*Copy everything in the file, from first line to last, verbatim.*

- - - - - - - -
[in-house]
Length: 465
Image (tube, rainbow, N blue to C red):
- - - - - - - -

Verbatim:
[in-house]
Length: 465
Image (tube, rainbow, N blue to C red):